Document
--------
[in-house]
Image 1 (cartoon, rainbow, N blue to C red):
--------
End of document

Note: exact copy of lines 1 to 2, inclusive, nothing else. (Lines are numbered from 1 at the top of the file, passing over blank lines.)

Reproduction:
[in-house]
Image 1 (cartoon, rainbow, N blue to C red):